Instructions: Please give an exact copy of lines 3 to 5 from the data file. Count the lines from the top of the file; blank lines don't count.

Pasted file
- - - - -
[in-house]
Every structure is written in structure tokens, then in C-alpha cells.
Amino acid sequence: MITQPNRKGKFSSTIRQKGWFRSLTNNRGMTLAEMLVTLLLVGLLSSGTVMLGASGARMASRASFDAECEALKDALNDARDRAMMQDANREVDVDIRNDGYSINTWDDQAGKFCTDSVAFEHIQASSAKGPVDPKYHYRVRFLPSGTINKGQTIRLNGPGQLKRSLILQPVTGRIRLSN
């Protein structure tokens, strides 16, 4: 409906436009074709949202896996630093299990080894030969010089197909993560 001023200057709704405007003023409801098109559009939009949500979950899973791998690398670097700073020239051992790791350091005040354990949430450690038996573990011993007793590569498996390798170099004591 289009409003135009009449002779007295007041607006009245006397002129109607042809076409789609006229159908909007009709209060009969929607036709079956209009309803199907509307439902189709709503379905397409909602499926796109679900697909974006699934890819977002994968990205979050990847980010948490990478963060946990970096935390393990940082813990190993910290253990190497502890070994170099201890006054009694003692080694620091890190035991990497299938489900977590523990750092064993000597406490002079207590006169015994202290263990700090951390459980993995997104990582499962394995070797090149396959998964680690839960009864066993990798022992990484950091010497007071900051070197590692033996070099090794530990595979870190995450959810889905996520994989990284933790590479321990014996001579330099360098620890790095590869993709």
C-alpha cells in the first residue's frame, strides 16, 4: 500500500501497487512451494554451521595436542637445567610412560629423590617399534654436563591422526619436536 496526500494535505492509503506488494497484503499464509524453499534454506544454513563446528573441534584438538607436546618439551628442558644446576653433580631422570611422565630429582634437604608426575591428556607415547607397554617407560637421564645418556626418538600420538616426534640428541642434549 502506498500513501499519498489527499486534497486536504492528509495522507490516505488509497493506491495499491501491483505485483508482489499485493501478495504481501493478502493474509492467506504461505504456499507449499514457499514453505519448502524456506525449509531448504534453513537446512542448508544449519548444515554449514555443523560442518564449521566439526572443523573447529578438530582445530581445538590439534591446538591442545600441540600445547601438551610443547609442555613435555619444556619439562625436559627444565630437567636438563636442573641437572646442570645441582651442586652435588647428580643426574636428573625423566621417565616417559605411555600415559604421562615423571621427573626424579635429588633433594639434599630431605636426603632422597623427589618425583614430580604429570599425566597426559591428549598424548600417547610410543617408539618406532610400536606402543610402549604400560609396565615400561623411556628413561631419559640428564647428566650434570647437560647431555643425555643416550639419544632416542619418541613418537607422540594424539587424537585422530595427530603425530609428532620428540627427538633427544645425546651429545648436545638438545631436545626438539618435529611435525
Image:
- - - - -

Amino acid sequence: MITQPNRKGKFSSTIRQKGWFRSLTNNRGMTLAEMLVTLLLVGLLSSGTVMLGASGARMASRASFDAECEALKDALNDARDRAMMQDANREVDVDIRNDGYSINTWDDQAGKFCTDSVAFEHIQASSAKGPVDPKYHYRVRFLPSGTINKGQTIRLNGPGQLKRSLILQPVTGRIRLSN
């Protein structure tokens, strides 16, 4: 409906436009074709949202896996630093299990080894030969010089197909993560 001023200057709704405007003023409801098109559009939009949500979950899973791998690398670097700073020239051992790791350091005040354990949430450690038996573990011993007793590569498996390798170099004591 289009409003135009009449002779007295007041607006009245006397002129109607042809076409789609006229159908909007009709209060009969929607036709079956209009309803199907509307439902189709709503379905397409909602499926796109679900697909974006699934890819977002994968990205979050990847980010948490990478963060946990970096935390393990940082813990190993910290253990190497502890070994170099201890006054009694003692080694620091890190035991990497299938489900977590523990750092064993000597406490002079207590006169015994202290263990700090951390459980993995997104990582499962394995070797090149396959998964680690839960009864066993990798022992990484950091010497007071900051070197590692033996070099090794530990595979870190995450959810889905996520994989990284933790590479321990014996001579330099360098620890790095590869993709």
C-alpha cells in the first residue's frame, strides 16, 4: 500500500501497487512451494554451521595436542637445567610412560629423590617399534654436563591422526619436536 496526500494535505492509503506488494497484503499464509524453499534454506544454513563446528573441534584438538607436546618439551628442558644446576653433580631422570611422565630429582634437604608426575591428556607415547607397554617407560637421564645418556626418538600420538616426534640428541642434549 502506498500513501499519498489527499486534497486536504492528509495522507490516505488509497493506491495499491501491483505485483508482489499485493501478495504481501493478502493474509492467506504461505504456499507449499514457499514453505519448502524456506525449509531448504534453513537446512542448508544449519548444515554449514555443523560442518564449521566439526572443523573447529578438530582445530581445538590439534591446538591442545600441540600445547601438551610443547609442555613435555619444556619439562625436559627444565630437567636438563636442573641437572646442570645441582651442586652435588647428580643426574636428573625423566621417565616417559605411555600415559604421562615423571621427573626424579635429588633433594639434599630431605636426603632422597623427589618425583614430580604429570599425566597426559591428549598424548600417547610410543617408539618406532610400536606402543610402549604400560609396565615400561623411556628413561631419559640428564647428566650434570647437560647431555643425555643416550639419544632416542619418541613418537607422540594424539587424537585422530595427530603425530609428532620428540627427538633427544645425546651429545648436545638438545631436545626438539618435529611435525